Couple Prosecuted for Use of a "VIBE Machine"
Stephen Barrett, M.D.
In 2008, Donald Brandt and his wife Sharon Brandt pled guilty to a misdemeanor charge of "causing the introduction into interstate commerce of an adulterated medical device" called a Vibrational Integrated Bio-photonic Energizer (VIBE) Machine. They also agreed to forfeit the device and six others. Their indictment (shown below) states that they used the devices to treat patients at their clinic even though neither was licensed as a health professional. In 2006, the State of Washington's Unlicensed Practice Program ordered Donald to stop. At that time, the authorities had noted that he referred to himself as a doctor, offered to cure a prospective patient of lung cancer, and treated many other patients for health problems. Sentencing in the criminal case is scheduled for September 2008. The VIBE machine is falsely claimed to cure disease by "the vibrational level of your body back to its natural state of being." The FDA has notified the distributor (VIBE Technologies, of Greeley, Colorado) that the device cannot be legally marketed in interstate commerce.
IN THE UNITED STATES DISTRICT COURT
WESTERN DISTRICT OF WASHINGTON AT SEATTLE
UNITED STATES OF AMERICA,
DONALD BRANDT and
The Grand Jury charges that:
Conspiracy to Cause the Introduction Into Interstate Commerce,
with Intent to Defraud or Mislead,
One or More Misbranded Medical Devices
and One or More Adulterated Medical Devices
1. Beginning at a date unknown but believed to be by at least 2002 and continuing through at least 2005, within the Western District of Washington and elsewhere, defendants DONALD BRANDT and SHARON BRANDT (collectively "the BRANDTS"), knowingly conspired, confederated and agreed with each other to commit the following offenses against the United States: to cause, with the intent to defraud or mislead, the shipment in interstate commerce of misbranded and adulterated medical devices, in violation of Title 21, United States Code, Sections 331(a) and 333(a)(2).
A. The Brandts.
At all times relevant to this Indictment:
2. The BRANDTS were husband and wife.
3. The BRANDTS operated a "clinic" on Blodgett Road in Mt. Vernon, Washington, within the Western District of Washington. The purpose of the business was to provide purported medical treatments and to sell supplements.
4. Among SHARON BRANDT's duties at the "clinic" were scheduling appointments and interacting with patients and families of patients on the phone and in the clinic's waiting area.
5. Among DONALD BRANDT'S duties in the operation of the "clinic" was purported treatment of patients for various conditions and diseases. DONALD BRANDT used various medical devices in such treatments.
6. DONALD BRANDT was not a licensed medical doctor and had not received any kind of medical degree ..
B. The Food and Drug Administration and Medical Devices
At all times relevant to this Indictment:
7. The Food and Drug Administration (hereafter "FDA") regulates, among other things, medical devices. Title 21, United Stated Code, Section 321(h) defines a medical device, in pertinent part, as an instrument, apparatus, implement, machine, contrivance, implant, in vitro reagent, or other similar or related article, incIuding any component, part, or accessory, which is intended for use in the diagnosis of disease or other conditions, or in the cure, treatment, or prevention of a disease, in man or in animals, or intended to affect the structure or any function of the body of man or other animals.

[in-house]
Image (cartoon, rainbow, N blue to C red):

8. The introduction into interstate commerce and the receipt through interstate commerce of a device that is misbranded or adulterated is prohibited.
9. A device is adulterated if it is classified under FDA regulations as a Class III device, it has not received FDA approval and is not exempt from the requirement of FDA approval.
10. The device known as the Vibe Machine was a Class III device. It had not received FDA approval, and was not exempt from the requirement that it receive FDA approval.
11. The devices known as Multi-Function Wave Form Generators were Class III devices. They had not received FDA approval, and they were not exempt from the requirement that they receive FDA approval.
12. A device is misbranded if its labeling lacks adequate directions for use.
13. A prescription device is a device which, because of any potentiality for harmful effect, or the method of its use, or the collateral measures necessary t6 its use is not safe except under the supervision of a practitioner licensed by law to direct the use of such device, and hence for which "adequate directions for use" cannot be prepared.
14. Adequate directions for use means directions under which the layman can use a device safely and for the purposes for which it is intended.
15. A prescription device may be exempt from the labeling requirements that it have adequate directions for use only if the device is: (a) In the possession of a person, or his agents or employees, regularly and lawfully engaged in the manufacture, transportation, storage, or wholesale or retail distribution of such device; or (b) In the possession of a practitioner, such as a physician, dentist, or veterinarian, licensed by law to use or order the use of such device; and is to be sold only to or on the prescription or other order of a licensed practitioner for use in the course of the licensed practitioner's professional practice.
16. The device known as the Electro-Acuscope Model 70C was an FDA approved, Class II, prescription device.
17. The device known as the Electro-Acuscope Model 70C lacked adequate directions for use by a layman. When held by someone other than a licensed practitioner or without a prescription from a licensed practitioner, the Electro-Acuscope Model" 70C was not exempt from the requirement that it have adequate directions for use.
18. A prescription device that lacks adequate directions for use by a layman that is in the possession of a layman is misbranded.
II. The Object of the Conspiracy